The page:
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Intel Atom Bay Trail-T, Valleyview-T details leak

Intel Atom Bay Trail-T, Valleyview-T details leak

Intel's latest Atom design is alleged to feature out-of-order execution, DirectX 11-compatible Intel HD graphics and four physical processing cores.

A leaked slide deck has provided hints as to Intel's plans for low-power system-on-chip processors over the coming years, as the company seeks to beat Cambridge-based low-power chip giant ARM at its own game.

According to slides obtained by smartphone specialist site Mobile Geeks, Intel is planning to upgrade its current-generation dual-core Atom system-on-chip design with a quad-core part some time in 2014. Built on a 22nm process, the quad-core Atom is based on the Bay Trail-T core and is currently codenamed Valleyview-T - the suffix standing, it would appear, for Tablet.

According to the slides, on which Intel is refusing to comment, the Valleyview-T system-on-chip packs four Bay Trail-T cores and is designed to take over from the dual-core 32nm Clover Trail platform for tablet devices. Despite dropping Hyper Threading support, meaning the chip is capable of running the same four simultaneous threads as the dual-core Cloverview, the processor is claimed to draw around half the power for the same level of performance while scaling to an overall performance improvement of 50 per cent or more.

The chip includes support for low-power DDR3 (LPDDR3,) something missing from the LPDDR2-based Cloverview design, with a 64-bit data bus width offering up to 17GB/s throughput to Cloverview's 8.5Gb/s peak figures. The Imagination PowerVR SGX545 from Cloverview has also been ditched, with Intel 'dogfooding' its own seventh-generation Intel HD graphics processor for a claimed three-fold performance boost. As a result, high-resolution displays - like the one found in Google's ARM-powered Nexus 10 tablet - are supported, with both MIPI-DSI and eDP connections providing 2560x1600 support alongside an in-chip HDMI 1.4 connection.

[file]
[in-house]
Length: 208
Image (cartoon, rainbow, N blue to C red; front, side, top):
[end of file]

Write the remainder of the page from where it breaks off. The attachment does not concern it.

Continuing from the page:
Additional features in Bay Trail-T include lower power draw leading to a claimed 11 hour video playback battery life in Intel's reference platform, a new microarchitecture with full out-of-order execution (OoOE) support, DirectX 11 support under Windows, and new security features for the platform.

Intel, naturally, has refused to comment on unannounced products, but while Bay Trail-T sounds like an extremely impressive chip it could prove too little too late: ARM's multitudinous licensees are already shipping quad-core parts, and with the slides pointing to a 2014 release timescale for Bay Trail-T the company could find itself playing catch-up once more.

9 Comments

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GuilleAcoustic 20th November 2012, 13:06 Quote
Hope they won't do the same joke than with the cedarview SGX545 (win7 32bits only drivers, no 64bits, no xp, no linux, only w7 32bits). Well played Intel, good cpu and useless graphic drivers.
azazel1024 20th November 2012, 14:38 Quote
If you read, it is Ivy Bridge Graphics in it, expected to be 4 EUs to HD2500 6 EUs, with no information on clock rates or anything like that. Drivers might be slightly tweaked due to the difference in interconnects for it, but at its core, it is Ivy Bridge graphics.

So unless Intel wants to change the support, it should fully support 32 and 64 bit as well as XP, Linux, Vista, 7 and 8.
Hustler 20th November 2012, 15:16 Quote
" with Intel 'dogfooding' "

dogfooding..#&*!!!

They're destroying our language....
Gareth Halfacree 20th November 2012, 15:27 Quote
Quote:
Originally Posted by azazel1024
So unless Intel wants to change the support, it should fully support 32 and 64 bit as well as XP, Linux, Vista, 7 and 8.